Les Miserables is an overwhelming spectacle. It is ambitious in its loyalty to the source material, the use of recitative and the mixture of established Broadway professionals with Hollywood amateurs. Unfortunately, in attempting to please both theater fans and regular moviegoers, the filmmakers have muddied the waters.
In between the few bright shining moments, we have to suffer through hours – literally, HOURS – of seemingly interminable caterwauling and slow-dying. By the time we got to the last death scene (that’s not a spoiler, lots of people die — their lives are miserable, remember?), and someone said “Hang on, you’re going to be fine!” I audibly groaned. Not ANOTHER long, drawn-out fading away sequence. I was relaxing in the comfort of an easy-boy with wine and cheese served at my seat, and it was still painful to sit through.
That’s not to say that I hate the musical itself; I do love me some Les Miz from time to time. I wouldn’t call myself an aficionado by any means, but as a musical theater geek I might know more than the average bear; I’ve seen it performed live twice, watched the reunion concert specials every time they came on TV and fallen in love with the original Jean Valjean, Colm Wilkinson (YES I know he’s old and it’s slightly creepy but have you heard this man sing Gethsemane
?! I get chills every time).
But even for a self-professed musical lover, the majority of this movie felt like a chore. It would have been enormously improved by some liberal edits: “Master of the House,” performed capably by Helena Bonham Carter and Sasha Baron Cohen, was completely unnecessary for the story and added about 10 minutes of wasted screen time. (Valjean’s new song “Suddenly” was equally pointless).
We could have saved another 5 minutes of agony by eliminating Russell Crowe’s soliloquy, “Stars.” Crowe’s take on Javert was competent, but you have to consider that what makes musicals and operas a joy to sit through for 3 to 5 hours is the beauty of the music. Crowe just doesn’t have the training, experience and (to be completely honest) raw talent to keep us enraptured. Listen to his subdued, and frankly somewhat boring (particularly 2 hours in) take on the song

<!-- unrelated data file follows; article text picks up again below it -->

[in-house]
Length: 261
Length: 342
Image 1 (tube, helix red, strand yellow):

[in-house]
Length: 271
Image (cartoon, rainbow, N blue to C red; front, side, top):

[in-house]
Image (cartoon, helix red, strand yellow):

as compared to Philip Quast’s
. I’m not going to argue that Crowe’s voice needs to be as great as a theater legend, just trying to illustrate the point that portraying a character as a talented actor isn’t enough
in this case. Crowe defended his performance as “raw and real
,” meeting the intentions of the director; but as Anne Hathaway demonstrated, it is possible to be both “raw and real” and “musically talented.”
Which brings me to Hugh Jackman. I think he’s charming and charismatic, and based on previous performances, I thought he was a great singer as well. But he is first and foremost a film actor, which means that he prioritized the physical performance over the musical one. He attempted to act out all of his songs, so not only did his singing suffer, but the music — designed to convey all those emotions Jackman preferred to act out — got lost in the shuffle. Granted, for someone who only dabbles in theater, he did a great job. But that qualification — for an amateur — means that some of the more difficult songs, which are beautiful and haunting when done correctly
, fell flat. “Bring Him Home” was particularly painful; Jackman can’t hit the notes with richness and clarity, and his voice felt weak and tremulous throughout the whole movie.
This might be my theater bias speaking; his acting performance felt genuine and captivating, but I was so disappointed to see “Who Am I”
squandered that it was hard to see past the shortcomings. Once you’ve heard and been caught up in a performance like this one
, it’s hard to lower the bar.
Lest I come across as too unforgiving, I will admit to being completely stunned and overwhelmed by Anne Hathaway’s performance. I wasn’t bowled over by her clip in the trailer, but that doesn’t do her performance justice AT ALL. She’s a strong enough singer, but she really turned in a powerhouse performance for the camera. I’ve seen dozens of ingenues perform “I Dreamed a Dream,” usually wistful, sad, sweet — but Hathaway was brutal. She conveyed anger, bitterness, self-hatred, in a display of raw emotion that not only had me in tears, it nearly had me SOBBING. That song isn’t about reminiscing over a lost love, it’s a woman who’s dead inside, angry and heartbroken over the loss of her innocence and the realization that the world is a cruel place. Her perfect balance of music with meaning demonstrated the potential movies have to enhance and build upon the theater world; while that potential wasn’t realized across the board, it was still wonderful to see.
Amanda Seyfried and Eddie Redmayne hit their notes (faintly, in the case of the former) and gazed dully at each other, but Aaron Tveit and the other young revolutionaries were fantastic, as was Samantha Barks as Eponine. Another great performance could be seen from the aforementioned original Jean Valjean – Colm Wilkinson – who played the Bishop who helps Valjean after his release. I didn’t realize he had a role in the movie at all, so his cameo was a welcome surprise. I would have loved to see more of him though; they could have de-aged him, right?! Come on, SFX.
So while there were a few bright moments throughout the movie, and watching Anne Hathaway’s performance was a powerful experience, overall I think it’s just way too long and tedious to sit through in the theater. Wait for the rental.